congeal


From The Collaborative International Dictionary of English v.0.48:

Congeal \Con*geal"\, v. t. [imp. & p. p. Congealed; p. pr. &
   vb. n. Congealing.] [F. congeler, L. congelare, -gelatumn;
   con- + gelare to freeze, gelu frost. See Gelid.]
   1. To change from a fluid to a solid state by cold; to
      freeze.

   Syn: jell, set.
        [1913 Webster]

              A vapory deluge lies to snow congealed. --Thomson.
        [1913 Webster]

   2. To affect as if by freezing; to check the flow of, or
      cause to run cold; to chill.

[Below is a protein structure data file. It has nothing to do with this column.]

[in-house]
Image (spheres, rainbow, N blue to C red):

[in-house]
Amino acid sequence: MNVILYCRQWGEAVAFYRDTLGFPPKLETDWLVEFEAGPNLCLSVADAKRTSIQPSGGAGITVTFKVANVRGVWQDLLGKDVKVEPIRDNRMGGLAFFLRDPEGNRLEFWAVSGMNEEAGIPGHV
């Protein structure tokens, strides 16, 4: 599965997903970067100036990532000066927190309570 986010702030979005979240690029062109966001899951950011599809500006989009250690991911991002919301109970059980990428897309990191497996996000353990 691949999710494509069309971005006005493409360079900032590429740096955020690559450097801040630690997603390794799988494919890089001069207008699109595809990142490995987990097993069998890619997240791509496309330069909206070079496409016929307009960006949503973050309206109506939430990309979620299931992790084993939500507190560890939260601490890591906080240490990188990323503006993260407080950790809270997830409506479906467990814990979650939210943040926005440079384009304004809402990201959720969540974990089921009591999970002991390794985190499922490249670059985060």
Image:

[1913 Webster]

            As if with horror to congeal his blood. --Stirling.
      [1913 Webster]
.

From The Collaborative International Dictionary of English v.0.48:

Congeal \Con*geal"\, v. i.
   To grow hard, stiff, or thick, from cold or other causes; to
   become solid; to freeze; to cease to flow; to run cold; to be
   chilled.

   Syn: jell, set.
        [1913 Webster]

              Lest zeal, now melted . . .
              Cool and congeal again to what it was. --Shak.
        [1913 Webster]
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